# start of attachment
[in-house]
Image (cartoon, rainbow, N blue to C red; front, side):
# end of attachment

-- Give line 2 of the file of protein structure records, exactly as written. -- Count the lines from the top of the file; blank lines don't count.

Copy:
Image (cartoon, rainbow, N blue to C red; front, side):